Miriam Sjoblom: Hi, I'm Miriam Sjoblom at the Morningstar Investment Conference, and I'm here with Phil Condon, who is the head of Muni Portfolio Management at DWS Funds. Thanks for joining us, Phil.
Phil Condon: Nice to be here.
Sjoblom: Well, to start out, I think you definitely hear in the press a lot of talk about the state of municipal issuers and all the challenges they're facing on a fundamental level because of the economy. What are your thoughts on munis in general and their attractiveness right now, given the credit situation?
Condon: Well, here we are at the end of May, and the market has done very well. We've seen a lot of recovery. People have probably missed the biggest move in munis, but there's still, I think, a lot of good value in the marketplace. What I worry about is investors who are too concerned about the nitty-gritty, the fundamentals of individual budget problems that states and local governments are having, and avoiding the muni market as an asset class.Read Full Transcript
I think, in a well-diversified, well-managed muni bond portfolio, the nitty-gritty, the little things, are taken care of by us, and I wouldn't be as worried about a budget problem here, or a deficit here.
In a well-balanced portfolio, I think the real thing to look at is just--long munis are yielding very attractive yields, long muni bond funds yielding 4.5% for AA, A quality. That's a good return, given alternatives in the marketplace right now.
Sjoblom: You mentioned diversified portfolio.
Sjoblom: We know that retail investors are also very big participants in just buying individual bonds.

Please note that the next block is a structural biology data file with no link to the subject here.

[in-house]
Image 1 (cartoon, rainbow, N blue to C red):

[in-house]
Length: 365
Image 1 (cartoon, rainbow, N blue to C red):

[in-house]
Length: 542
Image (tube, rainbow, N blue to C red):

Condon: I think individual bond purchases--that's difficult. What's happening right now in the short end of the muni bond curve in the two- to five-year range for high-quality, the yields are less than 1%, less than 2%. I think retail investors are having trouble locking in yields that are that low. I think we're seeing more interest in the bond funds because that alternative, which used to be more attractive, is now awfully low in yield. So I think going with the yield curve, taking a little more credit risk, makes more sense to investors now than it had in the past.
Sjoblom: OK. You also run a high-yield fund. I think everyone has seen the really devastating losses that occurred to some funds in the high-yield muni category last year. Your approach is a little bit different to that space. I'd just be interested in hearing your thoughts on the high-yield muni market, and the opportunities and risks.
Condon: I think, over time, the high-grade muni market has outperformed the high-yield muni market. So there are times to buy high-yield munis and times to avoid them. Unfortunately, a lot of the high-yield muni funds kind of buy them regardless of valuations. Our strategy is to be more tactical. We will get heavily involved in high-yield munis as the market is cheap right now, but two years ago when the market was rich, we'll back off because it's just too thin a market.
So investors need to think about high-yield muni funds as very different from high-grade muni funds. They're two different asset classes. They aren't interchangeable. I think for someone who wants a little more equity risk, the high-yield muni funds are attractive right now.
But I'd be careful, because if they do well, they'll have to be extra strategy there. You don't buy and hold those things for too long.
Sjoblom: OK. Well, great. I appreciate you taking the time to talk with us today.
Condon: A pleasure. Nice to be here.
Sjoblom: Thank you.